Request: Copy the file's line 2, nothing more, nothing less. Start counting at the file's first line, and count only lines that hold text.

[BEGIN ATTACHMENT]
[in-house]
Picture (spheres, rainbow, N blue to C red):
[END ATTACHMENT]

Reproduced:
Picture (spheres, rainbow, N blue to C red):